In an area where there is “a dearth of case law,” the New Mexico USDC has ruled that the peer-review privilege contained in the federal Patient Safety and Quality Improvement Act preempts any state peer-review privilege. The preemption is limited to “patient safety work product” submitted to a certified Patient Safety Organization that a state peer-review privilege does not otherwise protect. Quimbey v. Cmty. Health Sys. Prof’l Servs. Corp., 2016 WL 8716224 (D.N.M. Oct. 20, 2016). You may read the decision here.
The Patient Safety and Quality Improvement Act, “a federal overlay to state peer-review statutes,” creates a voluntary reporting system for healthcare providers to share information on adverse medical events to a certified Patient Safety Organization (PSO). The goal, of course, is to improve the quality of patient care.
The Act, codified at 42 U.S.C. §§ 299b–21 to 299b–26 and available here, creates an evidentiary privilege for “patient safety work product,” which is information that a provider develops for and reports to a PSO. 42 U.S.C. § 299b–21(7)(A). The privilege prevents disclosure of patient safety work product in any federal, state, or administrative proceeding. Id. § 299b–22. More…
All 50 states have adopted a statutory evidentiary privilege that protects from compelled disclosure materials generated as part of the medical peer review process. But federal law applies in federal court cases premised on federal-question jurisdiction, and a significant question arises whether healthcare providers receive similar peer-review protections under federal law.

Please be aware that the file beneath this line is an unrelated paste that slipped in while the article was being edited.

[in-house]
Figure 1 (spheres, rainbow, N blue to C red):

In his excellent article, Odd Man Out? The Medical Peer Review Privilege in Federal Litigation, The Federal Lawyer, at 52 (Dec. 2013), Major Charles G. Kels reviews the current state of federal peer-review privilege law. Major Kels notes that federal statutory protections provide little protection and that three federal circuit courts of appeals and a majority of federal district courts refuse to recognize a federal common law peer-review privilege. And an alternative privilege, the self-critical analysis privilege, produces an “inherently uncertain venture.”
Major Kels provides practical tips for navigating these undefined privilege waters and advocates for congressional action or the adoption of a federal common law privilege. Major Kels’ article is comprehensive and commended to in-house and outside counsel representing health care providers.
You may access the article here. My thanks to Major Charles Kels and The Federal Lawyer for permission to repost the article in this blog.